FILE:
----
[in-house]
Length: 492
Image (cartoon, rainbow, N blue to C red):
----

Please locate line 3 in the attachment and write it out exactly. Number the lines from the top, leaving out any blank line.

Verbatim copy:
Image (cartoon, rainbow, N blue to C red):